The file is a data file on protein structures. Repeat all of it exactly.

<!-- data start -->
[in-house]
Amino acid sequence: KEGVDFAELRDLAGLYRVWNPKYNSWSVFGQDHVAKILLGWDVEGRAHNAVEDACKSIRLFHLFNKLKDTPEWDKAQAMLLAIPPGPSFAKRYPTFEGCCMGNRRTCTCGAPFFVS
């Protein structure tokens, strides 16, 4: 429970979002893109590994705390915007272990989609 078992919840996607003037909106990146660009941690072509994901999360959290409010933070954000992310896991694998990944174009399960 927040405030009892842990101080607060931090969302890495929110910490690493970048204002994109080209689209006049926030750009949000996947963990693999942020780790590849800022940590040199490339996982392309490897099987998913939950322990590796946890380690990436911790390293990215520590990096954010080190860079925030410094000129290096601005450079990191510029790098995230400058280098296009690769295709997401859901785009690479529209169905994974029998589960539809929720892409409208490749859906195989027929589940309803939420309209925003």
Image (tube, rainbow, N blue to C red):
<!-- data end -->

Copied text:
[in-house]
Amino acid sequence: KEGVDFAELRDLAGLYRVWNPKYNSWSVFGQDHVAKILLGWDVEGRAHNAVEDACKSIRLFHLFNKLKDTPEWDKAQAMLLAIPPGPSFAKRYPTFEGCCMGNRRTCTCGAPFFVS
């Protein structure tokens, strides 16, 4: 429970979002893109590994705390915007272990989609 078992919840996607003037909106990146660009941690072509994901999360959290409010933070954000992310896991694998990944174009399960 927040405030009892842990101080607060931090969302890495929110910490690493970048204002994109080209689209006049926030750009949000996947963990693999942020780790590849800022940590040199490339996982392309490897099987998913939950322990590796946890380690990436911790390293990215520590990096954010080190860079925030410094000129290096601005450079990191510029790098995230400058280098296009690769295709997401859901785009690479529209169905994974029998589960539809929720892409409208490749859906195989027929589940309803939420309209925003």
Image (tube, rainbow, N blue to C red):